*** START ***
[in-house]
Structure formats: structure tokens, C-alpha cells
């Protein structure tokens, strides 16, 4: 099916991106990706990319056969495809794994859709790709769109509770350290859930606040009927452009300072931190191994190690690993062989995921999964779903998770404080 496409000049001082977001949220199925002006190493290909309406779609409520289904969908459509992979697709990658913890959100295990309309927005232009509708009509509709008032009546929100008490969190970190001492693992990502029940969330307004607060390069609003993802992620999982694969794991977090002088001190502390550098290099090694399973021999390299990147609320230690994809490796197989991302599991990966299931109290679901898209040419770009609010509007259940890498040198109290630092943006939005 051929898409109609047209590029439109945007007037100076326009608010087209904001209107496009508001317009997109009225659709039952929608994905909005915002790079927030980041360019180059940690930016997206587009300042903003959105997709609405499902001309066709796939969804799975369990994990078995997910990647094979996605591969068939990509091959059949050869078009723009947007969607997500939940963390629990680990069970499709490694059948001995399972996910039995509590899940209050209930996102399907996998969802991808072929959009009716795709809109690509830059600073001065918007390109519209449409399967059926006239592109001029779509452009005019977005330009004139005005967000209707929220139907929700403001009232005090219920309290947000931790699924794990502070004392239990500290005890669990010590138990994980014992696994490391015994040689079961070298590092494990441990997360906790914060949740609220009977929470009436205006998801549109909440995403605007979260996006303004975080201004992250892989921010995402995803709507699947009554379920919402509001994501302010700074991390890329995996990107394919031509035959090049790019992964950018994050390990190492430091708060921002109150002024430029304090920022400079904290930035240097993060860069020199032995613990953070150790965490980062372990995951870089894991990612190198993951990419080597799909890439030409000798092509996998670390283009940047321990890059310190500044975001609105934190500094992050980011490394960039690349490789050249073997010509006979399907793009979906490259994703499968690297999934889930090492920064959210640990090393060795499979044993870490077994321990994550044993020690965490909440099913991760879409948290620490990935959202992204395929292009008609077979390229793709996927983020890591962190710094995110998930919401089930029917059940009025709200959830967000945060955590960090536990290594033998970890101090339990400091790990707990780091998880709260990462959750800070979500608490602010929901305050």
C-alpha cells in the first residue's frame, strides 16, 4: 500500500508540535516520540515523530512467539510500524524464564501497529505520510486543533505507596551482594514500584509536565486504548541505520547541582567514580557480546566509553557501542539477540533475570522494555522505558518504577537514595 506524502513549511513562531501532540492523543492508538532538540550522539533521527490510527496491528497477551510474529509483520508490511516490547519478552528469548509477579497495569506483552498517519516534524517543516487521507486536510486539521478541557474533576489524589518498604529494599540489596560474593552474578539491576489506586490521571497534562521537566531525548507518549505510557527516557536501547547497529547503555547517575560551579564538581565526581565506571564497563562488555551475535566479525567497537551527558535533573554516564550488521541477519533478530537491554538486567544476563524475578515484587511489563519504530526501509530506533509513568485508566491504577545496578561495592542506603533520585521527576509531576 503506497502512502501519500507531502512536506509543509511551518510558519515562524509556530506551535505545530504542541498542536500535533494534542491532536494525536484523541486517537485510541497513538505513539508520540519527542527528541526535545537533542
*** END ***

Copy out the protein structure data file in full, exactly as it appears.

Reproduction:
[in-house]
Structure formats: structure tokens, C-alpha cells
């Protein structure tokens, strides 16, 4: 099916991106990706990319056969495809794994859709790709769109509770350290859930606040009927452009300072931190191994190690690993062989995921999964779903998770404080 496409000049001082977001949220199925002006190493290909309406779609409520289904969908459509992979697709990658913890959100295990309309927005232009509708009509509709008032009546929100008490969190970190001492693992990502029940969330307004607060390069609003993802992620999982694969794991977090002088001190502390550098290099090694399973021999390299990147609320230690994809490796197989991302599991990966299931109290679901898209040419770009609010509007259940890498040198109290630092943006939005 051929898409109609047209590029439109945007007037100076326009608010087209904001209107496009508001317009997109009225659709039952929608994905909005915002790079927030980041360019180059940690930016997206587009300042903003959105997709609405499902001309066709796939969804799975369990994990078995997910990647094979996605591969068939990509091959059949050869078009723009947007969607997500939940963390629990680990069970499709490694059948001995399972996910039995509590899940209050209930996102399907996998969802991808072929959009009716795709809109690509830059600073001065918007390109519209449409399967059926006239592109001029779509452009005019977005330009004139005005967000209707929220139907929700403001009232005090219920309290947000931790699924794990502070004392239990500290005890669990010590138990994980014992696994490391015994040689079961070298590092494990441990997360906790914060949740609220009977929470009436205006998801549109909440995403605007979260996006303004975080201004992250892989921010995402995803709507699947009554379920919402509001994501302010700074991390890329995996990107394919031509035959090049790019992964950018994050390990190492430091708060921002109150002024430029304090920022400079904290930035240097993060860069020199032995613990953070150790965490980062372990995951870089894991990612190198993951990419080597799909890439030409000798092509996998670390283009940047321990890059310190500044975001609105934190500094992050980011490394960039690349490789050249073997010509006979399907793009979906490259994703499968690297999934889930090492920064959210640990090393060795499979044993870490077994321990994550044993020690965490909440099913991760879409948290620490990935959202992204395929292009008609077979390229793709996927983020890591962190710094995110998930919401089930029917059940009025709200959830967000945060955590960090536990290594033998970890101090339990400091790990707990780091998880709260990462959750800070979500608490602010929901305050």
C-alpha cells in the first residue's frame, strides 16, 4: 500500500508540535516520540515523530512467539510500524524464564501497529505520510486543533505507596551482594514500584509536565486504548541505520547541582567514580557480546566509553557501542539477540533475570522494555522505558518504577537514595 506524502513549511513562531501532540492523543492508538532538540550522539533521527490510527496491528497477551510474529509483520508490511516490547519478552528469548509477579497495569506483552498517519516534524517543516487521507486536510486539521478541557474533576489524589518498604529494599540489596560474593552474578539491576489506586490521571497534562521537566531525548507518549505510557527516557536501547547497529547503555547517575560551579564538581565526581565506571564497563562488555551475535566479525567497537551527558535533573554516564550488521541477519533478530537491554538486567544476563524475578515484587511489563519504530526501509530506533509513568485508566491504577545496578561495592542506603533520585521527576509531576 503506497502512502501519500507531502512536506509543509511551518510558519515562524509556530506551535505545530504542541498542536500535533494534542491532536494525536484523541486517537485510541497513538505513539508520540519527542527528541526535545537533542